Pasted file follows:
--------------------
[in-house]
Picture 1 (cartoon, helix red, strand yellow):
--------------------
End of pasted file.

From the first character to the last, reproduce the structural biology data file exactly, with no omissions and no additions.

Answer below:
[in-house]
Picture 1 (cartoon, helix red, strand yellow):